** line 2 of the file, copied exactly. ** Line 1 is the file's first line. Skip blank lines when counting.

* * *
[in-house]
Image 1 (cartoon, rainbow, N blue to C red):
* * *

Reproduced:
Image 1 (cartoon, rainbow, N blue to C red):